Legislators have the power to control taxing and spending in an unpredictable economy. It is the government’s responsibility not to put an undue tax burden on citizens by controlling spending. Having a more responsible budget keeps more money in taxpayers’ wallets, promotes business investment, and helps slow government creep into peoples’ lives.
View the Responsible Kansas Budget in our report below.
What’s the answer to poverty? I believe it’s opportunity—and hope.
I grew up in South Houston, Texas, an urban area of Houston in the 1980s and ‘90s. I lived in a lower-income, single-mother, two-child household. My mostly absent father was on disability due to epilepsy.
I had opportunities to attend private school, public school, and finished K-12 in home school. But those years were tough—in a loving yet chaotic home shadowed by traumatic events, budget troubles, and stints of living at my grandparents’ house.
Much of poverty is dependent on family structure and location.
Kids living with a single mother are much more likely to live in poverty than with a father and mother. And this is associated with less upward income mobility and higher incarceration rates. But some overcome this path by taking available opportunities, whether divinely or otherwise directed.
For my part, I made bad decisions in my late teenage years that could have devastated my future in ways that so many others suffer.
I started on the right track by working at 16. But I started straying the next year when I began living the “rock star” life as the drummer for a hard rock band. Over the next few years, I found myself walking close to the edge of life and the law.
Fortunately, God’s grace—evidenced through a life-threatening car accident—changed this trajectory from poverty, jail, or death to meeting my calling of helping others. I went on to college, earning a doctorate in economics. Then I found a fulfilling career and built a loving family.
At every juncture, a combination of grace and opportunity (also, in my view, a manifestation of grace), opened new paths to me.
One such opportunity allowed me to earn my high school diploma. Others helped me to start a full-time job, and to get married before having kids. Unknown to me at the time, this is what’s called the success sequence—and it put me in a better position to achieve prosperity. And this success sequence is clearly correlated with less poverty and better family outcomes.
But not everyone has the same opportunities I had—most often, because government gets in the way.
And that’s precisely why the Texas Public Policy Foundation is releasing its Alliance for Opportunity campaign. This campaign will work closely with similar efforts by the Georgia Center for Opportunity and Pelican Institute in Louisiana in releasing an online roadmap with practical ways to provide poverty relief.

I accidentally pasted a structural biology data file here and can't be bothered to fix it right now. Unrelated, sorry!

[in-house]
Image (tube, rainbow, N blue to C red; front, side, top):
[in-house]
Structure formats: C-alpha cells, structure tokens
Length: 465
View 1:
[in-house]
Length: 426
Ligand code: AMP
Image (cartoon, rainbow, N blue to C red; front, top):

The Alliance is working to move people off government dependency onto a path toward self-sufficiency, hope, community, and restorative justice.
Ronald Reagan was right when he said, “I believe the best social program is a job.” We need more opportunities for people to receive an education, training, and a job. That’s done by removing obstacles, mostly from government.
The need is clear. Nearly 42 million Americans were on food stamps in 2021, up 5.3% from the prior year, showing more people in poverty. Of course, rapid inflation from bad policies out of Washington has made matters worse. Fewer are working; the key labor market measure of the prime-age (25 to 54 years old) employment-population ratio remains depressed. And the misery index remains historically high even during the recovery. These troubling signs for Americans reject the White House’s claim of a robust economy.
Dependency and lack of community—of the institutions that give our lives meaning—have led to a rapid rise in deaths of despair. While many of these deaths may have been avoided without the mistaken shutdowns, the key to overcoming poverty’s lethal toll is more opportunities to flourish. Oftentimes government supports abundant opportunities while inhibiting others.
But there’s hope. Lives can be saved and improved with strong families, robust civil society, limited government, and free enterprise. Those are the things that make success stories like mine possible.
We have our work cut out for us. But I’m ready to go to work to help make the Alliance’s efforts to improve people’s lives more purposeful and prosperous. Join me.
Vance Ginn, Ph.D.